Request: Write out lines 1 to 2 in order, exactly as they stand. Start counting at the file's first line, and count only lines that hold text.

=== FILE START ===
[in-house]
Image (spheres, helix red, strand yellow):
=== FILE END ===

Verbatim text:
[in-house]
Image (spheres, helix red, strand yellow):